A ban, like a kick, can be done as an Operator (/mode #channel +b Nickname) or through network services (/msg ChanServ ban #channel Nickname ). Worth noting is that using services will also kick the user, if not you will have to manually kick the user after banning them. A ban will not by default expire unless you physically remove it.
Now that we are familiar with the ways one can deal with a user, a general guideline for when to use the various actions will most definitely be needed. This will be handy both for the users of the channel to know when a moderator should step in so they can be pinged, but also so the moderators know what action should be taken when to ensure a fair ruling.
Feedback will most definitely be required here to iron these out, but I’ve taken the liberty to provide the following suggestions to get the ball rolling;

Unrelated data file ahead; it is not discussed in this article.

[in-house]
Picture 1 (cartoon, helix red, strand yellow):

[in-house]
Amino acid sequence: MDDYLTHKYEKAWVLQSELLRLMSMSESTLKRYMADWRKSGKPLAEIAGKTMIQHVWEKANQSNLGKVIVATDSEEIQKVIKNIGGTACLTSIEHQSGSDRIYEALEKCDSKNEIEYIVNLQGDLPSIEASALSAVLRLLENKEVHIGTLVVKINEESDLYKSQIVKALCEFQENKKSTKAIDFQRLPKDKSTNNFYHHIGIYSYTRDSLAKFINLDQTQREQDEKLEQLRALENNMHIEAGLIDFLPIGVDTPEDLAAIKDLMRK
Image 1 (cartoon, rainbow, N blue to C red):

There are many other situations of course, but these are the ones you’ll most likely meet, not only in spoken words, but also as nicknames or messages sent to the channel when leaving it (a part message).
There was also mention of a way to log (beyond IRC logs) offenders to keep tabs on what is going on as everyone might not be on at the same time etc. Thoughts on how this could be achieved in a fair manner are appreciated as we don’t want to make any public shame list at all, we only want to make IRC a welcoming place for anyone to drop by and learn a thing or two during their stay. Possibly a list restricted to moderators on g-docs or similar is an idea?
Another thing that might come up is how to deal with disputes if a user is banned and feels it was unjust. Is there a place we’d prefer them to take their appeal, and if so, where and how?
That means we need to decide on the level of transparency we wish to have, do we wish to have full transparency with users issuing the actions, or anonymize it through network services.
@sams suggested that for transparency when issuing a kick/ban we should state why in the channel after the ban since the logger does not pick up kicks/bans and only shows peoples reactions to them, would this be an acceptable approach and how would we deal with that if services are used to act?